It’s not too late to prep your home for winter energy savings. All it takes is several small changes to achieve big savings for you and your family.
Capture the sun’s light and heat. During the day, leave your curtains and blinds open to illuminate your rooms naturally and gain warmth from the sun. At night, close your curtains and blinds to prevent that free heat from escaping.
Prevent fireplace heat loss. When you’re not using your fireplace, keep the damper closed so warm air doesn’t escape through the chimney. Energy-efficient fireplace grates also help you save by pulling cool air out of your room and into the fireplace, while bringing warm air back in the room.
Reverse the direction of your ceiling fans. Sometimes we forget that ceiling fans are just as important for keeping you warm as they are for keeping you cool. Flip the switch to change the direction of the blades so they spin clockwise, which will push warm air downward.
Adjust the thermostat according to the time of day. When you’re home and awake, set the heat as low as it feels comfortable. Aim for 68 degrees as an optimal temperature. Wearing warmer clothing or grabbing a blanket can help keep you cozy. Then, while you’re sleeping or out of the house, lower the thermostat by 10 to 15 degrees. Doing so for at least 8 hours can save around 10% on your heating bill. A programmable thermostat will make it easy to save. You also don’t have to heat all rooms equally. Using an energy-efficient space heater in your most common rooms allows you to keep the main temperature lower.
Winterize your windows and doors. First, if you haven’t removed any window air conditioning units, do that now! Next, you’ll want to inspect all your doors, windows and ductwork for gaps that could leak heat from your home. Many of these cracks and leaks can easily be fixed with caulk and weatherstripping, which can add up to a lot of savings.
Following these energy-efficiency tips can help you save. For more info on our tools, tips, and programs, visit savewithppl.com.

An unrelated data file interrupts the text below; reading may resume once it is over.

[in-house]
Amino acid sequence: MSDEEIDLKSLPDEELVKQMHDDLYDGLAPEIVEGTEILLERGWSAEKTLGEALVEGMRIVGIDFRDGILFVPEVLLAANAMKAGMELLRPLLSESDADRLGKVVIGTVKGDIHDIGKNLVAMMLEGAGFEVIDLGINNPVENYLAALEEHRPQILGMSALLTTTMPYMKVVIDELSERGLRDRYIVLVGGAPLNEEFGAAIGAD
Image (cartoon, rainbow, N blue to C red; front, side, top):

Mi esposa y yo somos personas citysen de 64 y65 años y necesito hayuda con el pago de energía eléctrica gracias mi dirección es 2 Maryland circle apt 234 Whitehall PA 18052 .
Muchas gracias por llamar a PPL. Lo siento, pero no hay nadie que puede “Chat” contigo en espanol. Podemos ayudarte si llamas a 1-800-342-5775. Tenemos representates que puede communicar en espanol.
I received an email that implies I have a PP&L account, which I have not had for 8 years. This is the first email I have received from PP&L in 8 years. Please explain.
Good Afternoon Charles, Please call our Billing Team @ 1-800-342-5775 option 2 (available weekdays 8am-5pm) to assist you with the email you received. The Representative may need to remove your email address from our system to prevent future emails. They can also provide account information to put your mind at ease. Thank you!
I am questioning the advice you posted on setting back your heat 10-15 degrees. That sounds excessive. And maybe that’s ok with a gas or oil system, but with heat pumps or geothermal, the recovery from being set back so far would cause the emergency heat coil to be used. Would probably negate any savings. Would you check with heat pump/geothermal experts and post specific advice on those systems? Thanks